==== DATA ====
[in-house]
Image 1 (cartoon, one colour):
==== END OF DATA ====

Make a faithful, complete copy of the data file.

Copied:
[in-house]
Image 1 (cartoon, one colour):